So I Played Bloodborne…

So I played Bloodborne.

This is no big deal. Plenty of people have played Bloodborne. If you went to the EB Expo you might have played Bloodborne. If you were part of the game’s recent Alpha test you would have also played Bloodborne.

My point being: many people have played Bloodborne.

I played Bloodborne next to a person who worked for Sony. Someone who had played almost all of Bloodborne. That’s a slightly bigger deal. The most interesting part:

“Bloodborne is my first RPG. I never played Dark Souls or Dark Souls II.”

I didn’t know people like that still existed. This guy was a special case.

It was interesting playing Bloodborne next to a person who had, a) played a lot of Bloodborne and b) had never played Dark Souls before. Very interesting. In a weird way it felt like a case study, like a weird anthropological experiment. Like a lost tribe deep in the Amazon rainforest. They treat the technology we take for granted like a weird type of magic. An iPhone might as well be a magic wand. The From Software pace, combat world building, the lore — all of it. That magic we all know and sort of take for granted; to him it was fantastically new.

His enthusiasm — dear God this is going to sound patronising — was almost charming.

“Man, this game is really good. I don’t know why but it’s really addictive.”

Yeah, no shit. As anyone who has played a From Software game before, these games are ridiculously compelling.

“It’s so hard. You keep dying, but you keep wanting to give it another go. It’s so weird.”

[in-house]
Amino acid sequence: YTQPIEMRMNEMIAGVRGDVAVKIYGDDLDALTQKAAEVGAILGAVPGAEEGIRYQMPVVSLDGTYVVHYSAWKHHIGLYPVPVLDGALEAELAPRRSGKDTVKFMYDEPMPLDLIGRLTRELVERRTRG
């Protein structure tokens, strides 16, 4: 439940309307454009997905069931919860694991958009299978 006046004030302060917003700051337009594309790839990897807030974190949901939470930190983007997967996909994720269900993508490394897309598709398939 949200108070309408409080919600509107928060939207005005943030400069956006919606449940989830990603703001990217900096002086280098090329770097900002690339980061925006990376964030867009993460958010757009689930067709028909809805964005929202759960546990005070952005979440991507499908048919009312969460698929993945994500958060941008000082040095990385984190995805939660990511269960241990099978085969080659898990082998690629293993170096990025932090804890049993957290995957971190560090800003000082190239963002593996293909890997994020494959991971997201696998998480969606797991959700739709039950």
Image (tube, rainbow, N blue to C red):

As I played Bloodborne, slipping into those familiar shoes, the Sony employee would drop these little gems. As I re-familiarised myself with the pacing, with the difficulty, with the tweaks to the core we all know and love, I was being peppered by the words of someone who was completely unaware he was repeating the words we all giddily shared years ago. Expressing the feelings we all communally understood.

Yes, From Software games are hard. Yes, From Software games are rewarding. Yes, From Software games are compelling.

It’s strange. In any other setting this sort of thing might have felt a little irritating, but in this context it was comforting.

It told me that Bloodborne may be different; its universe may be new and its combat may have re-invented itself, but some things never change. This guy, he’d never played Dark Souls or Demons Souls. This was his first RPG ever, and here he was parroting the same old jibberish we’ve been jabbering since we first discovered these crushingly rewarding video games. It was reassuring. Perhaps even more reassuring than my own, completely biased opinion of what I had just played. Of course I was going to love Bloodborne. I’d love Bloodborne if it was nothing more than a Victorian reskin of Dark Souls. I’d have been happy with that. I’d have been ecstatic with that. I’d probably love Bloodborne even if it was a bit rubbish.

So I played Bloodborne.

But what is my opinion worth really?

I enjoyed it. Of course I did. That’s about as predictable as rain in Melbourne. The changes to the combat? They were interesting. The lack of a shield changes things. It forces you to play a little more aggressively, but more importantly it subverts the rhythm of the combat in an interesting way. It’s good. The universe? It appears as well-developed and well thought out as any game Miyazaki’s ever touched, but how can anyone be sure at this stage…

Maybe the only person who really knows what Bloodborne is really worth is this naive person sitting next to me, with his running commentary.

“So you reckon I should play Dark Souls then?”

Yes. I reckon you should.

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